"It was evidently a case of love at first sight, for she swam about the new-comer caressingly ... with overtures of affection."
Thus Charles Darwin described a female mallard duck who had become infatuated with a male pintail duck--a duck of a different species.
We all make mistakes. But Darwin believed that animals feel romantic love. A male blackbird; a female thrush; a black grouse; a pheasant; a stickleback fish: These and many other creatures, he reported, "fell in love with one another."
Scientists have not endorsed his view, despite vast evidence that Darwin had it right.
Hundreds of articles have been written about "mate choice," the habit of all creatures to express attraction toward some, while assiduously avoiding others. In fact, the animal literature uses several terms to describe this favoritism, including "mate preference," "selective proceptivity." "individual preference," "favoritism," "sexual choice" and "mate choice."
Moreover, scientists have recorded all of the core elements of romantic love in other creatures. They carefully describe how creatures, from rhinos to butterflies, focus their mating energy on a specific, preferred individual at a time.
Focus on a special other is a central component to human romantic love. Other creatures also obsessively follow "him" or "her," as humans do. They stroke, kiss, nip, nuzzle, pat, tap, lick, tug or chase this chosen one, behaviors you see regularly among humans. Most sing, dance, strut and preen for a beloved--just like men and women. Courting creatures great and small show excessive energy and sleeplessness, more core traits of human romantic passion.
And adversity heightens their pursuit--just as barriers intensify romantic love in people. And many animals become possessive, jealously guarding their mate until their breeding time has passed.
Some animals express this magnetism for only seconds; others become infatuated for hours, days or weeks. But, just as Darwin said, many fall in love at first sight.
Such was Violet, a female pug. Elizabeth Marshall Thomas wrote of Violet's feelings for her other pug, Bingo, saying, "From the moment she set eyes on him, she adored him. Wanting only to be near him, to lavish her affection on him, she followed everywhere he went. The sound of his voice made her bark."
This instant attraction also happened to Thomas Jefferson. Historian Fawn Brodie wrote of him: "What Jefferson was told in advance about Maria Cosway is irrelevant, for if ever a man fell in love in a single afternoon it was he."
Today we have even more evidence that Darwin had it right. My colleagues and I have put 49 people who were madly in love into a brain scanner (fMRI) and mapped some of the brain pathways that generate feelings of romance.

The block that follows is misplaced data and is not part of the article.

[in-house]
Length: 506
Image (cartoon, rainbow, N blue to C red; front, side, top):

The most dramatic activity occurs in the "reward system," the "wanting" system, the brain system that gives lovers their focus, energy, ecstasy and motivation to seek life's greatest prize, a mating partner. This same brain system also becomes active when other mammals express attraction.
How did Darwin manage to see this continuity between man and beast? I suspect biology played a role. In my new book, I maintain that humanity has evolved four broad basic styles of thinking and behaving based on our brain chemistry.
Men and women whom I have dubbed Explorers especially express their dopamine systems--predisposing them to take risks and seek novelty, to be curious, creative, energetic, impulsive, flexible and optimistic. Builders express more serotonin--predisposing them to be calm, social, networking, cautious, loyal, managerial and traditional. Directors are the high testosterone type--analytical, strategic, direct, decisive, tough minded, competitive and good at understanding math, machines or other spatial and "rule based" systems.
Last but not least are Negotiators, women and men who are particularly expressive of estrogen, giving them their broad, holistic, contextual view, their exquisite imagination and intuition, their verbal and people skills, their emotional expressivity and their compassion for all around them. Darwin, I believe, was a Negotiator, a man predisposed to see the vast physical--and emotional--connections between all living creatures.
Darwin wrote 17 books and over 100 scientific papers on phenomena as varied as orchids, barnacles and earthworms. But it was his two grand synthesizing theories of natural selection and sexual selection that would explain the evolution and proliferation of life on earth. Biologist Richard Dawkins called this set of principles "the most important idea to occur to a human mind."
Perhaps someday scientists and laymen alike will come to understand more about Darwin's mind, including something he told us 150 years ago: that animals share our human drive to love.